Children learned by absorbing the cultural atmosphere of the household and by imitating the adults. As they grew older, they were taught the reasons of things. If they departed from the cultural pattern they were admonished and told why certain things were not done. In chiefly families children realized fairly early that they had a family name and prestige to live up to. The boys were taught the arts and crafts by their male relatives, and the page 148girls were taught the feminine crafts and household duties by members of their own sex. If a boy were attentive and zealous, the father sent him to experts for a higher education.
Secondary or higher education was given to suitable pupils by those well versed in ancient and tribal lore who, for the possession of knowledge well above the average, were termed 'are korero (houses of talk, storehouses of knowledge). The boy sent by his father took a basket of cooked food for his instructors as a courtesy gesture, not as payment. The old people were punctilious in observing that instruction was not bought. The 'are korero delighted in imparting knowledge if the pupil, by the attention he evinced, showed that he was worthy of the trouble.
The test of the new student was made by means of the candlenut lights used during the first of the sessions, all of which took place at night and continued until daylight:
The baked and dry kernels of the candlenuts were strung on the dry midribs of coconut leaflets. The student took some of these with him. When the instruction commenced, the pupil lit the top kernel of one of the torches. He held this upright in his hand while the teacher talked to him across the flame. During the recital, the pupil carefully tended the torch. If he held the torch upright, the first kernel burned upwards and did not ignite the kernel below it until it was almost used up. If the kernel burned too much on one side, he held the torch at an angle to ensure the even consumption of the one kernel. When it burned down he took care that the second kernel was ignited from it before he removed the charred ember of the used kernel. Sometimes this took a little care, and the recital would cease until the next kernel was alight. If by constant care a single torch lasted until daylight, the teachers approved of the student and said that he would be a tamaiti kai korero (a youth who consumed instruction). He was deemed worthy of continued instruction. The test of one torch proved that the pupil was so interested that he was able to resist the claims of sleep. Should, however, the youth prove careless and neglectful, the light would spread and more than one kernel would be burning at one time; the first torch would be speedily burned out and then a second and a third. Should three or four torches be used up in the one night's session, it was regarded as an infallible sign of lack of attention and interest in the course of instruction. The student was promptly "ploughed" on his first night's work. His father was informed that the boy would never learn and that further instruction would be wasted on him.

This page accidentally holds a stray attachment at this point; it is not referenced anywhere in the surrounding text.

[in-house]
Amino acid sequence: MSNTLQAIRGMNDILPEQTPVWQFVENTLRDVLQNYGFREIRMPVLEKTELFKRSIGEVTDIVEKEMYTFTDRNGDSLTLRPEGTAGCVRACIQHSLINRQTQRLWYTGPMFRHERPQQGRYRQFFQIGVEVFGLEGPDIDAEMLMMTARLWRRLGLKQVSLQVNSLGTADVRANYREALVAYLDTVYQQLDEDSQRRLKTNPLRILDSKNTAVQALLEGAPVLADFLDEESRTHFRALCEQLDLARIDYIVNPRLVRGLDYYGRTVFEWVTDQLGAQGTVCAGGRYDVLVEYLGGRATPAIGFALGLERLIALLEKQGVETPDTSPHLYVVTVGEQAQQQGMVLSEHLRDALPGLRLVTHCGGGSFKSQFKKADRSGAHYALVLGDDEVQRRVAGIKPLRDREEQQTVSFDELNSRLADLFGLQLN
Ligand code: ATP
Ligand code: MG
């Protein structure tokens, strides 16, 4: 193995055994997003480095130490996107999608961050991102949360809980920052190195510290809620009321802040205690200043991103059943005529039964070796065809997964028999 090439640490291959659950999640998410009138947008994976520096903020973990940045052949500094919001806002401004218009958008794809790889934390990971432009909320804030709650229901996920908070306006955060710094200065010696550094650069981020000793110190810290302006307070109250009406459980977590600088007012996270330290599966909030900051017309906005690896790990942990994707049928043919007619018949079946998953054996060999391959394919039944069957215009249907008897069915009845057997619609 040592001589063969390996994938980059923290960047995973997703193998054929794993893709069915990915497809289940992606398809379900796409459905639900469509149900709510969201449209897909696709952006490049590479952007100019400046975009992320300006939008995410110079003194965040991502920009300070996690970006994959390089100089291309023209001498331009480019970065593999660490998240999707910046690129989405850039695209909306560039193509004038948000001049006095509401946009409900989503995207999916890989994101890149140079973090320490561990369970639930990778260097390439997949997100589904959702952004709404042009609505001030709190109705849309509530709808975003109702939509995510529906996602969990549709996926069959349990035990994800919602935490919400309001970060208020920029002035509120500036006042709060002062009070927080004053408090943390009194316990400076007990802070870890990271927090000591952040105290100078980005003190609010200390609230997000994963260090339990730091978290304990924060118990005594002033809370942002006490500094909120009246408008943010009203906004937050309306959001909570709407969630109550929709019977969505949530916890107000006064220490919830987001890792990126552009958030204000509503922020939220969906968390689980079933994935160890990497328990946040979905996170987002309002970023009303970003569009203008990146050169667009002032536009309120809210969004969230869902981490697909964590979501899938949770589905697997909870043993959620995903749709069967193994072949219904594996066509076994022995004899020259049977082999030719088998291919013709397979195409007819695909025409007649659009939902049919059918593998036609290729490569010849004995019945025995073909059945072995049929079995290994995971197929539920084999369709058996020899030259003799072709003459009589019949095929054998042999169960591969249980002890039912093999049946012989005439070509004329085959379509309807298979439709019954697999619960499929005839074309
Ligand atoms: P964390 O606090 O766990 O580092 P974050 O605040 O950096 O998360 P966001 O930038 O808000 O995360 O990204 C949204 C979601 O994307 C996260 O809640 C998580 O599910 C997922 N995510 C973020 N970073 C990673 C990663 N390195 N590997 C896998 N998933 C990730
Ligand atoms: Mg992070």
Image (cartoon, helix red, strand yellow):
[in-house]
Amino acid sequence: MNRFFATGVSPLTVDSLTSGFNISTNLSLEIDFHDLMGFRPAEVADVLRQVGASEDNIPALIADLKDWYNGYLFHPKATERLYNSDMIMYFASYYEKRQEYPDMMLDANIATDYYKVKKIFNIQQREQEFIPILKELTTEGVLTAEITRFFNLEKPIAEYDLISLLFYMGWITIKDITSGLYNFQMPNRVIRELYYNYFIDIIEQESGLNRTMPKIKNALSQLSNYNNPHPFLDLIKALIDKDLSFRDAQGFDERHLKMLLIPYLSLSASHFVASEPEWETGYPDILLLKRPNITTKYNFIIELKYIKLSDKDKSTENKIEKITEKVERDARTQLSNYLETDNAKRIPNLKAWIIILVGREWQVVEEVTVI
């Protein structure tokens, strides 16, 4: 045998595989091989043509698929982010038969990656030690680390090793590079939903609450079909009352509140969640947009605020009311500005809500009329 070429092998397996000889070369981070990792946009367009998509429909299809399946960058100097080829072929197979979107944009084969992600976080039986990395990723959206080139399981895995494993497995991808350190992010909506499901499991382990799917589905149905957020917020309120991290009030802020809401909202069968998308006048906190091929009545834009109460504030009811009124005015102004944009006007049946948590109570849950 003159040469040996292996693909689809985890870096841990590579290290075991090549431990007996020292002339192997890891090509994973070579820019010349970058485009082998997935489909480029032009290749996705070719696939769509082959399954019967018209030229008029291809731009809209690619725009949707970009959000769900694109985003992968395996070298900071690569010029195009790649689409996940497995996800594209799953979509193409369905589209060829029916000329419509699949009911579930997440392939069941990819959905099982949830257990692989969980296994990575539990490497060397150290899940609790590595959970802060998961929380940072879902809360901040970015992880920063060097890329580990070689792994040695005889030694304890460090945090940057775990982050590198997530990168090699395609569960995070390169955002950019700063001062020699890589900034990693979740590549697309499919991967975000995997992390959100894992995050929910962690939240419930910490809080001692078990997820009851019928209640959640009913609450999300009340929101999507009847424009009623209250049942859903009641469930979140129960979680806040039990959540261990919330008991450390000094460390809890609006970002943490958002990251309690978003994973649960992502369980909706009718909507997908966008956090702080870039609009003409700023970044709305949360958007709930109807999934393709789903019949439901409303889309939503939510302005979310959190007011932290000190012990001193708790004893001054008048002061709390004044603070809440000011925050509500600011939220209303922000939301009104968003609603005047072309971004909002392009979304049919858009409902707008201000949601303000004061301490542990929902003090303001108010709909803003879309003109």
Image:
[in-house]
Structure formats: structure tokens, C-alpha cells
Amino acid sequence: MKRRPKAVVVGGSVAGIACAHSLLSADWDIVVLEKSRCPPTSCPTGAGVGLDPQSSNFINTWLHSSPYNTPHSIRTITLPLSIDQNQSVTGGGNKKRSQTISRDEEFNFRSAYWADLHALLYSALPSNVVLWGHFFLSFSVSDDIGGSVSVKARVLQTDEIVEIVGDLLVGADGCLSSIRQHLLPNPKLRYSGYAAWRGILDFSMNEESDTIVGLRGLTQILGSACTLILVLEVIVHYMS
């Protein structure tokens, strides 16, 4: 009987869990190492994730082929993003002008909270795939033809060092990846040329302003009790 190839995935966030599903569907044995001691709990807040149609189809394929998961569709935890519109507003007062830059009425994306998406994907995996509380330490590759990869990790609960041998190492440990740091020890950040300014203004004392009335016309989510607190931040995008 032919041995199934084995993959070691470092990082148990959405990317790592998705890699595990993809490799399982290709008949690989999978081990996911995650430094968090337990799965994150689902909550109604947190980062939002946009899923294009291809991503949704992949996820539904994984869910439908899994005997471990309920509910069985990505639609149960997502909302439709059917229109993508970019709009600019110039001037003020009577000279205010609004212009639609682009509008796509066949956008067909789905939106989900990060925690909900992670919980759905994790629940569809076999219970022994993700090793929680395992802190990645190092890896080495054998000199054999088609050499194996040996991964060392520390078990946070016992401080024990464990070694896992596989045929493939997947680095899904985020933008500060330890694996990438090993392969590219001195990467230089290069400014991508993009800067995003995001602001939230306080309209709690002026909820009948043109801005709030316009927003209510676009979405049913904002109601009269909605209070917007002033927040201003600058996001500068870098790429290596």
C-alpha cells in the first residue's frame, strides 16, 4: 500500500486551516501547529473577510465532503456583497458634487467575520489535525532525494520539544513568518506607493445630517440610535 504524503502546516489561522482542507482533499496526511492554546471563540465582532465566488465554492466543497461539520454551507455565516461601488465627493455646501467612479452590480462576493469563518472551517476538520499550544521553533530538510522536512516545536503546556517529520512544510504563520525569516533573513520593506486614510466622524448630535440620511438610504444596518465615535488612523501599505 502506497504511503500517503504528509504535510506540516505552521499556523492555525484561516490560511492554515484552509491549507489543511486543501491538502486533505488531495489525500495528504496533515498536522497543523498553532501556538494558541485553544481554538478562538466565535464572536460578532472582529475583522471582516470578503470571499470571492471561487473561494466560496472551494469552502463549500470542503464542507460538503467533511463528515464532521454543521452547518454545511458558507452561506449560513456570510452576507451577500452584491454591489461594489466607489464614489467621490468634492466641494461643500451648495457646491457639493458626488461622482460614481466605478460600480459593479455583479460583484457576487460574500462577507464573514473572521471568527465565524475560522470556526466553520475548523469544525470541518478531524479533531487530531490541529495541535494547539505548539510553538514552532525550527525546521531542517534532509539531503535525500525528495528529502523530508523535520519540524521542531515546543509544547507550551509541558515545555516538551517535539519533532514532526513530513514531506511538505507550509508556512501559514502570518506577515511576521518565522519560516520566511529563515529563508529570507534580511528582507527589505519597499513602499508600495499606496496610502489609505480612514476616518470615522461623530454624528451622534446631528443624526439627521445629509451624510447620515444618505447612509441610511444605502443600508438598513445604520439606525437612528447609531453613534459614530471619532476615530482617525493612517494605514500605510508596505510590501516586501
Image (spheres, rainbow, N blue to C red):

Each adult had an equipment of incantations to bring success in the various activities of life. This was immaterial property of the greatest value and, just as he inherited it from his father, so in turn he transmitted it to his son. The Mangaians believed, as did the Maoris, that if a person imparted all his knowledge he became an empty vessel and nothing was left but to die. The parent, therefore, though he imparted incantations that would help his son during his material lifetime, always reserved one or more of the most powerful incantations to prevent his own too early demise. When he felt death approaching through a fatal illness or had a premonition or omen that he was soon to die in battle or otherwise, he summoned his heir and, as part of his last bequest, he taught him the final incantation. Having done all page 149that he could for his son in the way of education and fitting him for success in life, he calmly composed himself to meet the death that impended.